Regional Climate Change Forum unites leaders for climate action

  • Published Date 27 Aug 2021
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Today’s Regional Climate Change Forum brought together leaders from regional and local councils, and Minister for Climate Change, James Shaw, to discuss climate action in a Wellington regional context.  

This was the first meeting of the newly established Forum, which builds on a previous working group and invites elected members from Greater Wellington, district and city councils across the region, and mana whenua representatives, to share climate-related challenges, knowledge and insights from their own communities.   

Greater Wellington Climate Committee Chair and newly appointed Forum co-chair, Thomas Nash, describes the Forum as a much needed opportunity to coordinate regional climate planning and to amplify local voices.   

“It’s a place for regional leaders to come together and discuss how we’re tackling climate change in our communities, and then come away and champion what we’ve learned within our respective councils or iwi.     

“It’s also an avenue through which we can present a united front for engaging with Government. It’s often up to us as community leaders to implement the Government’s climate strategy, so we need to ensure our voices are heard loud and clear when these decisions are being made.”  

The Wellington Regional Leadership Committee, which brings together the region’s Mayors, Chairs, Iwi leaders and two Cabinet Ministers, has asked the Wellington Regional Climate Change Forum to lead the work on two major climate planning projects as part of the 30-year Wellington Regional Growth Framework that is currently underway. 

“The Wellington Regional Growth Framework will shape the future of our region for the next 30 years and determine whether or not the region is operating within a climate safe context”, says Cr Nash. “This Forum’s regional climate planning - both to reduce emissions and to adapt to a warmer climate - will be central to the success of this wider regional spatial planning exercise."

Earlier this year, the Forum provided advice to He Pou a Rangi Climate Change Commission as the Commission prepared its draft report to Government. The Forum pushed for increased policy ambition, stronger recognition of the role of transport and urban design in delivering a low carbon environment, better partnership between local and central government, and integration with wider resource management reforms.  

Informed by the Commission’s report, the Government is required to publish a plan before the end of the year setting how carbon emissions will be reduced across Aotearoa.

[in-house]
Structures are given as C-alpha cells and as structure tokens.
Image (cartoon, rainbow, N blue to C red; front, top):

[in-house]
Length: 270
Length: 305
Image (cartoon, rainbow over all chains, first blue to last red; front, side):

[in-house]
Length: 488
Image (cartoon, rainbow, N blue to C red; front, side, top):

Today, Climate Minister James Shaw spoke to the Forum about the work ahead, including the need to adapt to the impacts of unavoidable climate change.  

Shaw also commended the region’s work toward climate positivity, saying “The councils in the Wellington Region are a leading example of what local government can do to help address climate change, including through the setting of ambitious carbon reduction goals.”

He added that councils will have a crucial role to play in implementing many of the new emission reduction policies that the Government is developing through the forthcoming Emissions Reduction Plan and resource management reform.

Cr Nash says, “We spoke to the Climate Minister with a strong collective voice today about the climate responsibilities of local government. We look forward to continuing our climate advocacy work through the Forum and building a stronger partnership between councils and central government.”

Upper Hutt City Council Deputy Mayor Hellen Swales, who is a member of the Forum, says its vision is one of a resilient, connected community that can make the changes necessary to lower the impact of climate change.  

“This Forum has been an asset to the conversations around climate change and how we collectively mitigate and adapt to our changing world. As a collective, through this forum, we exchange values, resources that ensure our region is in a strong position,” she says.  

The Forum will continue to provide a place for regular kōrero on climate action, meeting four times a year at locations across the region as well as virtually.

COVID-19 restrictions meant everyone attended the inaugural meeting from home, fittingly making the August meeting a carbon-zero Forum. 

Cr Nash adds, “This lockdown and COVID more generally have put a lot of pressure on people and families, and at the same time we can’t afford to delay our action on climate, so we were pleased to be able to keep this crucial Climate Change Forum on the agenda this week.”

Updated October 12, 2021 at 4:36 PM

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